The Salem Arts Building, 155 Liberty Street, is on its way to becoming what landlord Mike Tevis calls, “LIVING and WORKING space for artists, photographers, startups and entrepreneurs.”
In collaboration with new building manager and local artist/metal smith Helen Nute Wiens, Tevis intends the building to be “a gathering spot… the downtown Salem hub of creative minds, young and old.”
The project began as Tevis’ dream when he bought the building eight years ago and gave it its name. It has six floors full of studio and living space, and tenants already include artists such as Wiens, who’s worked from there for four years. Wiens, who has been active on non-profit art boards Keizer Art Association and Artists in Action, editor of Salem Weekly Art Canvas, and is a founding member of artist cooperative Red Raven Art Gallery, says Tevis’ recent invitation to join the vision as building manager and liaison with local artists thrilled her.
“When Mike asked if I would work with him on this project, I really felt I could bring something useful to the table…. I get to share this incredibly cool and unique project with the community. For me, it’s a wonderful opportunity – getting the chance to work on a project that has the potential to bring so much to downtown Salem. With my love of downtown, our art community, and belief in the project, it was easy to jump in with both feet. I was so excited I hardly slept the first week. I just hit the ground running.”
The second floor, which Tevis calls, “an artist hive,” will be the home of an art collective, 24 studio spaces of varying sizes with many shared amenities like a common area for teaching or meetings, a kiln and internet. The result is space that struggling artists can afford downtown.
Wiens says that much of that market is out of the reach of local artists, especially studios that are clean, attractive and well maintained; finding a “space within their budget is the first hurdle; once liability insurance and downtown parking tax is figured in, the once “affordable” space is no longer within budget.”
The collective will mean financial relief for these creative people. “Having the 24 studios under a common collective enables us to cover the downtown parking tax and commercial liability – meaning that the affordable space actually IS affordable,” says Wiens.
The first tenant lease Wiens secured was DIY Studio, the creative re-use nonprofit who set up temporary shop in Salem Center several months ago. Jessica Ramey of DIY Studio says the organization, a 501 (c)(3) had already begun a search for a new home when it discovered that Salem Arts Building might be a possibility.
“We toured the building and realized that both of us have similar goals,” Ramey says, “We both want to be an arts destination for Salem.” DIY Studio met with Tevis and Ramey reports “He liked our mission of diverting waste and turning it into art, as well as our space made from pallets, wooden spools and reclaimed paint. He even purchased a belt made by from upcycled bike tire before he left.”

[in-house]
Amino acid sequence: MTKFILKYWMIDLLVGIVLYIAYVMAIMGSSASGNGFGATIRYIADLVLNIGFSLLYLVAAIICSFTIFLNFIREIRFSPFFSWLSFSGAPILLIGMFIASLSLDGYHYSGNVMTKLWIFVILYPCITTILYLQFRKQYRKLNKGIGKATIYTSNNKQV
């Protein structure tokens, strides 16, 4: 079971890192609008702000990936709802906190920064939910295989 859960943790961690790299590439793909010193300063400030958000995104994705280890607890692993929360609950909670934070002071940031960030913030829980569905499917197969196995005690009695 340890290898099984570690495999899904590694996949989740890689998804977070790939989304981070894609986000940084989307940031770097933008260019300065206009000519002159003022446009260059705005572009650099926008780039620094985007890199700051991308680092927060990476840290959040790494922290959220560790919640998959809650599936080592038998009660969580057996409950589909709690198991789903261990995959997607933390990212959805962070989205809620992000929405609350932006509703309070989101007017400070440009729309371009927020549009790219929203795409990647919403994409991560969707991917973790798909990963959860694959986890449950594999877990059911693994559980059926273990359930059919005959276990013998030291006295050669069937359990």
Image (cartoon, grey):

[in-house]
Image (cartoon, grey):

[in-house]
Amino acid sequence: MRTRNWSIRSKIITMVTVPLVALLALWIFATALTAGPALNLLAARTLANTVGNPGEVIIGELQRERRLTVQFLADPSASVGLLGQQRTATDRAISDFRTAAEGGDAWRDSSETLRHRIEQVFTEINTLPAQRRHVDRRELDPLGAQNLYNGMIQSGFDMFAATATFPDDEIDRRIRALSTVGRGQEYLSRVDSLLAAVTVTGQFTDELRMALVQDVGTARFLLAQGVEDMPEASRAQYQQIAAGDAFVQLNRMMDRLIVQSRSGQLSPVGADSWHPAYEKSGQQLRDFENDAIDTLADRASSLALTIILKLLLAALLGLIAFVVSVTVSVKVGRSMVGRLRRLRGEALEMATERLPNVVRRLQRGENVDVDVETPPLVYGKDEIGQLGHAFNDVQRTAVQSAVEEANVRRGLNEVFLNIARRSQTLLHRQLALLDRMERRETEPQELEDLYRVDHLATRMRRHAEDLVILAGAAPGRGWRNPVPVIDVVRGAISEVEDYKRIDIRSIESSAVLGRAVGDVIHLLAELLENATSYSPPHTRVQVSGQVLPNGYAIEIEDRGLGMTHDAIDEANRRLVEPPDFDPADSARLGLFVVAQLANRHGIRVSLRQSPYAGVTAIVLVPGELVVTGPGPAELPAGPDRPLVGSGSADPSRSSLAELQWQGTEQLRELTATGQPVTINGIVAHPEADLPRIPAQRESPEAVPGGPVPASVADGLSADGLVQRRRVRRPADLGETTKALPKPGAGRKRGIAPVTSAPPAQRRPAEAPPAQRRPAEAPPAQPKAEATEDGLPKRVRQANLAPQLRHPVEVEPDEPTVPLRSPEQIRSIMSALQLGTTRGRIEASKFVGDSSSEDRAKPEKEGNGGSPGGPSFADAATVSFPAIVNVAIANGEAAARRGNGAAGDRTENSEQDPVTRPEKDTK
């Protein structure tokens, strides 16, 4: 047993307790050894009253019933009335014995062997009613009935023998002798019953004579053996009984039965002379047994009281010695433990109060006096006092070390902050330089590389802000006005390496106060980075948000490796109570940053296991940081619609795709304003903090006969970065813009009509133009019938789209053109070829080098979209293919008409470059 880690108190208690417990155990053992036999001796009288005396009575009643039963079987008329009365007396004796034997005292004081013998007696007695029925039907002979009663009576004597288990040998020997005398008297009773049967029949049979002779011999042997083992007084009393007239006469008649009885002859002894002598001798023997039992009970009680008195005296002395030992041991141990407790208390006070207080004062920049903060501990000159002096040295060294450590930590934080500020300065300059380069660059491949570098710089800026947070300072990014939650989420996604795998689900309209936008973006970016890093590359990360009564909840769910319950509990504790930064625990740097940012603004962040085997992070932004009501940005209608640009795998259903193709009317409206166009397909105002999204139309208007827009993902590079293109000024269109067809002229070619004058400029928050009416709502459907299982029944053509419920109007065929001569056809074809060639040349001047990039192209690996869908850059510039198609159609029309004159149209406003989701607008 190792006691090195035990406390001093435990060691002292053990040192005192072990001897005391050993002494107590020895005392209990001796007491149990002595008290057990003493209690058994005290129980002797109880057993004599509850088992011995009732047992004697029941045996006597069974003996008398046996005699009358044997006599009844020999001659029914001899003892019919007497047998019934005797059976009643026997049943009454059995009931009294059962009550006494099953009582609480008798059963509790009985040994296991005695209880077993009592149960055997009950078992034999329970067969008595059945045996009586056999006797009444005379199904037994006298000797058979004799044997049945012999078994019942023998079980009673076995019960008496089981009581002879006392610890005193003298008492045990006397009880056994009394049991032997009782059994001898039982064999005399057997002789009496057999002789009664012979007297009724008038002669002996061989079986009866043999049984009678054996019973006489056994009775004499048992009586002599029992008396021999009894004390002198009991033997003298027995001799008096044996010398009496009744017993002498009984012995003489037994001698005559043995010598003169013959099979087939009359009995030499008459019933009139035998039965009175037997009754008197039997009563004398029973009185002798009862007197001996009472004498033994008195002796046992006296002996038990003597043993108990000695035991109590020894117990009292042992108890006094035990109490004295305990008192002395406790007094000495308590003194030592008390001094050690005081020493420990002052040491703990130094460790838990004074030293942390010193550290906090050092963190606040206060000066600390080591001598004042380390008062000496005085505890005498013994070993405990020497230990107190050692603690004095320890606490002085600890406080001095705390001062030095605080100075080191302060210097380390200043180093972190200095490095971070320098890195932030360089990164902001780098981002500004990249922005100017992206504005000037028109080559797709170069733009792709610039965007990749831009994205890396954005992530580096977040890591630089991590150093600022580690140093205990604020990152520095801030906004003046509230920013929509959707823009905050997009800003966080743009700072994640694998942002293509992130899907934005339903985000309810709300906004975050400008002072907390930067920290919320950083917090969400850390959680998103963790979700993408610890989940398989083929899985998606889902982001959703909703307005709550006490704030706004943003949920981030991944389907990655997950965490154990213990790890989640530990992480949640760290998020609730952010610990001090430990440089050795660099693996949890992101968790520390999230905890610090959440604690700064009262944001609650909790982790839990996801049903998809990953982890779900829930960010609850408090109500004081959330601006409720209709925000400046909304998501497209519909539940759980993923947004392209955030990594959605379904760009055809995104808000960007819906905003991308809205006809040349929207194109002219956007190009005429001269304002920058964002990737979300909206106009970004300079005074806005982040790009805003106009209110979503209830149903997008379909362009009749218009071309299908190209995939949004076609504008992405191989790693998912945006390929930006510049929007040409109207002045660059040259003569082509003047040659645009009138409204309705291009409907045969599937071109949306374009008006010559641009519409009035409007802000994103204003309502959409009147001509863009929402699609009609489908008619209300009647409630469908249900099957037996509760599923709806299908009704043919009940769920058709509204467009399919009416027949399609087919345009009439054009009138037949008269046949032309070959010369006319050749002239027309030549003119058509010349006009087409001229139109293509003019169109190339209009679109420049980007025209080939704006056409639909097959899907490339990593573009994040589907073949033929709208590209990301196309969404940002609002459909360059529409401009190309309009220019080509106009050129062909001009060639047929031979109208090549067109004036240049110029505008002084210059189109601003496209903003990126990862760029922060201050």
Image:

Once established in their new location, DIY Studio will continue to offer reclaimed materials for arts and crafts, community upcycled art, and educational programs and events. The group feels the new location will benefit them in more than one way. In addition to sharing a creative atmosphere with other artists, “We’ll be in a more central location downtown,” Ramey says, “This will allow DIY Studio to engage with First Wednesday participants and partner with downtown businesses.”
Other arts non-profits will benefit from the Salem Arts Building as well, as it is intended to provide space for special exhibits, receptions, and meetings. Already planned is a November photography exhibition with the Salem Photo League, “Everyday Heroes,” documenting locals whose work and passion enrich the Willamette Valley, and in December, the annual “Something Red” Artists in Action show, including an awards reception on the Mezzanine level. The vision encompasses what Wiens calls, “a true arts building with an art collective, community outreach, arts education and partnerships… The potential of our building is enormous, a catalyst to bring more artists and creative individuals to downtown Salem.
As fall becomes winter in Salem, Mike Tevis seems to be finally realizing his original goal for the building, to become a thriving collaboration of local artists, entrepreneurs, retailers, photographers and business owners.
“There is nothing like this development in the mid-valley!” Wiens says, as she invites artists from the region to become part of the Arts Building vision.
“This is truly unique in our area…the potential of our building is enormous – a catalyst to bring more artists and creative individuals to downtown Salem.”